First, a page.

"Yeehhh! Hoopty poopty!"
I used to carry fish around in the back of my car the way other young men carried a six-pack of Country Club. I'd show Ellis and he'd become truly frantic, waving his cigar. "Yeehhh! Hoopty poopty! Hoopty poopty!"
Later I learned he called everything that was not a sardine filet a hoopty poopty.
Frank hooks a bass. I put my anchor down out of his way but still near enough to reach the school. I see two powerful boils and cast the bulky fly on a slow loop toward the swirl closest to a piling. In my eagerness I overshoot so the fly tinks against the bridge, hanging momentarily between the rail and roadway. Then it flutters downward and I notice the number 9 stenciled on the abutment above.
The take is authoritative and my response lifts the clearly visible fly line from the water, curving it abruptly as a sheet of droplets limns the fish's first long run. It is not a frenetic battle as the striper stays deep, far from the boat. But I am not inclined to carry out these contests gently and soon the fish is nearby. Once, glowering, it rushes away beneath a crescent of spray only to be turned in a vertical wallow. Nothing in their lives really prepares fish to deal with the relentless harassment of being hooked.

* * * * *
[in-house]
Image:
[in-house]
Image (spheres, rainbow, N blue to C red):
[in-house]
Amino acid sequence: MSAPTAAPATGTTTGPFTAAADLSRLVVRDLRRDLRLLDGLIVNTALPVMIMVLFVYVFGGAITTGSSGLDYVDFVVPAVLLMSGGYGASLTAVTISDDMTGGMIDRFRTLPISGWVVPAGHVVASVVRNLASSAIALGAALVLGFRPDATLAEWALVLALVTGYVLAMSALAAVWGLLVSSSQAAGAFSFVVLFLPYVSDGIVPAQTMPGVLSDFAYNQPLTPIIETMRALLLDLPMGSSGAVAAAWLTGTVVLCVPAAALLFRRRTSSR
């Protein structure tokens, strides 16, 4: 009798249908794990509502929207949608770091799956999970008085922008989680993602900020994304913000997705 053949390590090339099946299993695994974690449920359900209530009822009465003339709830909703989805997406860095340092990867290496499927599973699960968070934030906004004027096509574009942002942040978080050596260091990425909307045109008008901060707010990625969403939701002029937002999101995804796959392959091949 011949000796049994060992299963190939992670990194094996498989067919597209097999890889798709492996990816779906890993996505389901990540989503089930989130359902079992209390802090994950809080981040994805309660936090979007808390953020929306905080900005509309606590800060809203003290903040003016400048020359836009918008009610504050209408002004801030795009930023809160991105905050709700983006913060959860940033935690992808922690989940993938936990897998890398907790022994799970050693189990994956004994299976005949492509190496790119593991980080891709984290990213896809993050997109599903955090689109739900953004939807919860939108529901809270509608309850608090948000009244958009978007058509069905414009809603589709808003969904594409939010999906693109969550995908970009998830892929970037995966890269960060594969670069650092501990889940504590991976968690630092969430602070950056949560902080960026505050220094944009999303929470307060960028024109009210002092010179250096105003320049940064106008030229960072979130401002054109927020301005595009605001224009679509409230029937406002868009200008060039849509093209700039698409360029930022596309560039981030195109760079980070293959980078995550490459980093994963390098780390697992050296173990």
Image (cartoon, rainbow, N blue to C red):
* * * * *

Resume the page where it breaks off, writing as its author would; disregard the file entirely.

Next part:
Oddly, I am reminded of the way Walt Mullen always described the playing of a fish. "Then it fooled around and fooled around," he would say. And that is exactly it.
In the boat the striped bass is big. "It's more than 25," I say to Frank. Earlier, we had talked of a 25-pound striper caught accidentally by a man fly-fishing for shad in the Russian River. It seemed that a fish taken by design should receive top honors for the season. Naturally, we each hoped to catch such a bass.
Back at the beach we lay three large fish in front of the CABLE CROSSING sign. "That one's bigger than the 30-pounder I caught on a casting rod last season," Frank says. Getting his Polaroid camera he takes a picture of me with the fish. The photo comes out a minute later looking distant and journalistic. I promise to call him as soon as I weigh the bass. Then I head for San Rafael; he goes off to work in San Francisco.
Later, I call. "It's the big one, isn't it?" Frank asks. "I've been looking at the snapshot all morning."